**** ROTATE **** **** ROTATE **** **** ROTATE **** **** ROTATE ****

Find this Story

Print, a form you can hold

Wireless download to your Amazon Kindle

Look for a summary or analysis of this Story.

Enjoy this? Share it!

The Coastguard
by [?]

Winter and summer, every night about six o’clock, a tall man, dressed in blue, strode over the moor. Sometimes he looked on the ground for a long time together, and seemed to be buried in deep thought. When he came to the stream he always found another man waiting for him on the far side, and this man was accompanied by a rough water-spaniel. The two friends, who were both coastguards, held a little chat, and then the dog was told to go over for the letters. The spaniel swam across, received the blue despatches, and carried them to his master; then, with a cheery good-night, the men turned back and went across the dark moor to their homes.

In the morning the tall coastguard was astir very early. He walked along the rock tops with his old telescope under his arm, and looked acutely at the vessels that crept round the bay. During the middle of the day he had little to do. In fine weather he would sit outside his door with a book, and in bad weather he was always to be found, from ten to four o’clock, on the long settle beside the great fire in his little cottage. He was one of the old school, and had entered the service at the time when civilians were admitted, so he had the utmost contempt for the new school of boatmen who came from on board men-of-war. He was rarely troubled with visits from inspecting officers; in fact, after a certain memorable occurrence, the commander of the station let him alone. A very shrewd officer wished to show his own cleverness, and to find out his men’s weakness; so one night, when thick clouds were flying across the moon, he crept round the bay in a six-oared cutter, ran ashore on the sand, hauled up half a dozen empty kegs, and told his men to bury them in the sand. This ingenious captain proceeded as he fancied smugglers would have done, and he intended to go round to the coastguard’s cottage and inform him of the trick in the morning. Just as the casks had been triumphantly covered, a voice called sharply, “Who goes there?”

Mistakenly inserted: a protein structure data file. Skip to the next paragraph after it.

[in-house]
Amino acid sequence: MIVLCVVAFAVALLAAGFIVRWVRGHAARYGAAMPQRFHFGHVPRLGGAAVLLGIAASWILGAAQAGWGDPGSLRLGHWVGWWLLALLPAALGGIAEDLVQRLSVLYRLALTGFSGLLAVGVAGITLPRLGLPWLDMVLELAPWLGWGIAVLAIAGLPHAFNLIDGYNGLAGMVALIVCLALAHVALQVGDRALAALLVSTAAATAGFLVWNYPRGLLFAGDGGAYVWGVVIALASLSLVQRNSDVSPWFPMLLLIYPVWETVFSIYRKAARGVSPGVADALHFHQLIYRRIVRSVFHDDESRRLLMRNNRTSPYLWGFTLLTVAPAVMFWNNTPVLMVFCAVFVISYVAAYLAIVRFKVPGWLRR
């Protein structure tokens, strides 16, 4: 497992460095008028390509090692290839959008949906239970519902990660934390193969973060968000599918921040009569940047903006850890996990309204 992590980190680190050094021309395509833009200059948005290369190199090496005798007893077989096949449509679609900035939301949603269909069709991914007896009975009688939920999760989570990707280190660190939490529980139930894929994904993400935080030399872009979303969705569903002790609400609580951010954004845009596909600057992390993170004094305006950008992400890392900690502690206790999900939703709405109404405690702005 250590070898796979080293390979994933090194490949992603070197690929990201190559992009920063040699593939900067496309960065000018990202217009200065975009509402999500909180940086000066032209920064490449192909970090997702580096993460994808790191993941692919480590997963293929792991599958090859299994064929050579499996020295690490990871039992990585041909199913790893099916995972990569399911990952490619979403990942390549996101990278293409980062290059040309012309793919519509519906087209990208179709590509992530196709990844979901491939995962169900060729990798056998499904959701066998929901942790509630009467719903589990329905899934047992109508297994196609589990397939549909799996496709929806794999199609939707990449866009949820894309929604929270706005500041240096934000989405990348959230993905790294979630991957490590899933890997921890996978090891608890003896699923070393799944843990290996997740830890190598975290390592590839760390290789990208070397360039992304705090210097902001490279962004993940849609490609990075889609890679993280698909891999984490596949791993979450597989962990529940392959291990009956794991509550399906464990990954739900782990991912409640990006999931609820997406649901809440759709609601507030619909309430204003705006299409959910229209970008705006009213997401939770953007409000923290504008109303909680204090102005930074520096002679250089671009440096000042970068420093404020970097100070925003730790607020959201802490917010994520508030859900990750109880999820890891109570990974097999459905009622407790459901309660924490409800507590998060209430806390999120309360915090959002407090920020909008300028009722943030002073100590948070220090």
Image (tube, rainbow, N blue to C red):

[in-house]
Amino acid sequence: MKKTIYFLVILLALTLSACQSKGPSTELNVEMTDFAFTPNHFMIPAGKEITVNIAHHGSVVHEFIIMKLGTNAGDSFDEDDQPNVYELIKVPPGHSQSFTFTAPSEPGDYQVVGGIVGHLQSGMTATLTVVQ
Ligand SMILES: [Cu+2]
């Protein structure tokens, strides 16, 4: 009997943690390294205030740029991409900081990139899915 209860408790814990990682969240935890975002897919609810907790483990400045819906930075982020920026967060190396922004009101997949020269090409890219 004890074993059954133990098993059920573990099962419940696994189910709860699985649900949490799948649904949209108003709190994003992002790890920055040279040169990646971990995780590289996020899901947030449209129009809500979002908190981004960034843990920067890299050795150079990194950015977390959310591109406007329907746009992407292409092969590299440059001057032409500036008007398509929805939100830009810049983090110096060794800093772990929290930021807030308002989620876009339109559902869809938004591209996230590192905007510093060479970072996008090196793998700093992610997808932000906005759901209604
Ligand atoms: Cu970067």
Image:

The clever officer was thrown off his guard, and was too confused to speak.

The challenge was repeated, and presently a couple of bullets whizzed sharply among the party. The coastguard had emptied both his pistols, and one of the bullets cut through the officer’s shoulder-knot.

The modern coastguardmen never expect to find such an animal as a smuggler: all contraband business is done by dint of craft and not by daring. Firemen and engineers scoop out coal from the bottom of a ship’s bunkers and fill the space up with tobacco. Sometimes a clever carpenter will actually hollow out a beam in the forecastle or a block of wood which is used as a stool; the whole article looks perfectly solid, and the Custom-house officers are apt to pass it by. But our friend the coastguard had been used to the old-fashioned smugglers–desperate men who would let fly a ball on the very slightest provocation.

Before the piping times of peace came he had known what it was to charge with a party right amongst a gang of desperate fellows who were bumping kegs ashore.

When in the grey of the evening the low black lugger crept stealthily towards the shore, the coastguard had been used to stalk the gliding vessel like some wild beast. He could not row off and board her, because the lugger would have spread her brown wings and flown away into the uttermost dark. The coastguardsmen had to catch the smugglers in the act of bringing their goods ashore, and in order to do this he had to contend against a conspiracy of the villagers, who were always ready to lend their horses and their labour to those who were cheating the king. No amount of logic could ever persuade the small farmer that smuggling was in any way immoral, so the coastguard had to combat the cunning of the bold sailors who ran across from Cherbourg, and the still greater cunning of the slouching fellows who signalled his movements from the shore. This was his training, and when the time came for smuggling to be given over entirely to merchant seamen instead of being carried on by desperadoes, the change left the old officer still ready and resolute, and quick with his pistol.